and he settled himself across from me in the easy chair.
"So how've you been?" he said.
"Good, good. Me, I had the toothache last week. Had to
go to the dentist on Monday and Thursday both."
"I guess that took care of it."
"Uh-huh, it did. He went ahead and pulled it."
"That's probably best," I said.
Then upstairs Connie started banging around in the bathroom.
There was a low crash, followed by cursing, and I knew the shelf
had fallen out of the medicine cabinet again. It happened about
once a week. I remembered it had happened to Truman, too, when
he was spending the night last Christmas Eve.
"I could take a look at that," he said after a moment.
"Got my tools in the trunk of the car. It'd be no trouble."
I shrugged. "That's all right. I'll get around to it."
"Well, whatever then," he said. He looked around
the room. I watched him for a moment, then looked over at the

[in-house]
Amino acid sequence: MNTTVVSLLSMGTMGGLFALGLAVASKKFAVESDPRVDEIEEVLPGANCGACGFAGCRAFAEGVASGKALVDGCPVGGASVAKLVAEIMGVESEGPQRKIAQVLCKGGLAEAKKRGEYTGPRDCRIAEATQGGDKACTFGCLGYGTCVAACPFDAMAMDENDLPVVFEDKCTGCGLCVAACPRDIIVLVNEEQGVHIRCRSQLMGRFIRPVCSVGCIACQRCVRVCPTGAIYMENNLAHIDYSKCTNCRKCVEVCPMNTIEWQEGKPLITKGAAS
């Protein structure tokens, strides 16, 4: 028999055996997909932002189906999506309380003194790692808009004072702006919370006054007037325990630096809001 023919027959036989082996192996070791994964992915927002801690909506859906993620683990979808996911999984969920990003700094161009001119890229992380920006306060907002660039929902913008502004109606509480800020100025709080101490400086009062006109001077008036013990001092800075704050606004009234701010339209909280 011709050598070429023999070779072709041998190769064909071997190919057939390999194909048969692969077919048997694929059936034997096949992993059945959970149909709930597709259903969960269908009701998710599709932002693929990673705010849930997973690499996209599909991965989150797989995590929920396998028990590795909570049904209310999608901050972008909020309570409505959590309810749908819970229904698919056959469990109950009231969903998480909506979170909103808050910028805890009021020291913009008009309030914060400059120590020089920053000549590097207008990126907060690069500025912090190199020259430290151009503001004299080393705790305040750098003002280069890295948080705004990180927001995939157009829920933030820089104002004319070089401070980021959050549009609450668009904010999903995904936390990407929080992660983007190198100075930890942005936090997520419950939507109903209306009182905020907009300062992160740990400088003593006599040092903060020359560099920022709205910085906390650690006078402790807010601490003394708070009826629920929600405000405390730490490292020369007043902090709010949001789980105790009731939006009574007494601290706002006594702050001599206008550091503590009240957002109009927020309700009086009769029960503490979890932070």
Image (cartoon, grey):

television and thought about getting up and turning it on.
"It takes that Connie forever and a day to get herself
fixed up," Truman said.
"You're right. It does," I said.
"You know, there's something I've been wanting to talk
to you about," he said. "I'd say I'd have time enough
to do it right now too, the way that Connie pokes along. If you
don't mind, that is."
"No, not at all," I said.
"If I had a gun to my head I couldn't tell you what I
had for supper last night," Truman began, "but I can
remember The Embers, the way it used to be, that is, like it was
yesterday. In my day it was the place to go. But truth be told,
that's what starts happening, you know. Yesterday seems more clear
than today. But I doubt you're interested in hearing that, are
you? I admit, it's an old story, so I don't blame you one little
bit"--he stopped talking and scooted up in his chair so that
his shoulders were higher than the back cushion, then crossed
his hands in his lap--"But to get back to my point, they'd